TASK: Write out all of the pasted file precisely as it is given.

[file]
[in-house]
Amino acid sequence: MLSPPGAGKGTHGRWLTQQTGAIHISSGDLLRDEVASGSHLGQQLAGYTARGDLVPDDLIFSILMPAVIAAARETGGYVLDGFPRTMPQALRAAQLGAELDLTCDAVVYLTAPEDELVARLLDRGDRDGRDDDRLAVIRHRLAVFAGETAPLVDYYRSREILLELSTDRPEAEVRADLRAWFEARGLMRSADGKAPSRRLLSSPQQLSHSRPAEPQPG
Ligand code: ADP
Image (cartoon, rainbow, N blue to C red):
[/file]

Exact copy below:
[in-house]
Amino acid sequence: MLSPPGAGKGTHGRWLTQQTGAIHISSGDLLRDEVASGSHLGQQLAGYTARGDLVPDDLIFSILMPAVIAAARETGGYVLDGFPRTMPQALRAAQLGAELDLTCDAVVYLTAPEDELVARLLDRGDRDGRDDDRLAVIRHRLAVFAGETAPLVDYYRSREILLELSTDRPEAEVRADLRAWFEARGLMRSADGKAPSRRLLSSPQQLSHSRPAEPQPG
Ligand code: ADP
Image (cartoon, rainbow, N blue to C red):